Researchers develop tillandsia-inspired hygroscopic photothermal organogels for atmospheric water harvesting

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As a typical representative of air plants, Tillandsia species can absorb moisture from the air with their leaves. Inspired by this hygroscopic foliage, Prof. Chen Tao's team at the Ningbo Institute of Materials Technology and Engineering (NIMTE) of the Chinese Academy of Sciences (CAS), has developed a new type of hygroscopic photothermal organogel (POG).

The resulted POG can capture atmospheric and realize in situ solar-driven interfacial water release. The findings were published in Angewandte Chemie International Edition.

The researchers at NIMTE found that the well-designed hydrophilic co-polymeric network keeps the hygroscopic glycerin medium in the , which can solve the problems caused by the flowable characteristics of the liquid sorbents. On the other hand, the combination of hydrophilic co-polymeric network and hygroscopic glycerin medium plays a synergistic role in the moisture sorption. As a result, the POG performs efficient and continuous moisture sorption with the capacity of an equilibrium moisture sorption of 16.01 kg m-2 at a relative humidity (RH) of 90%.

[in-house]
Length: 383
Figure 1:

Furthermore, the addition of interpenetrating polypyrrole-dopamine endows the POG with an excellent photothermal performance, which can achieve controllable solar-driven interfacial water release to obtain drinkable freshwater. In an outdoor experiment, the freshwater output of 2.43 kg m-2 day-1 could be achieved based on the POG, and the quality of the harvested water can fully meet the drinking water standards of the World Health Organization (WHO) and the United States Environmental Protection Agency (EPA).

Notably, this study has demonstrated a new material system of organogel for atmospheric harvesting (AWH), which may highlight a route for the design of subsequent photothermal hygroscopic materials.

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More information: Feng Ni et al. Tillandsia‚Äźinspired Hygroscopic Photothermal Organogels for Efficient Atmospheric Water Harvesting, Angewandte Chemie International Edition (2020). DOI: 10.1002/anie.202007885
Citation: Researchers develop tillandsia-inspired hygroscopic photothermal organogels for atmospheric water harvesting (2020, August 19) retrieved 29 September 2022 from
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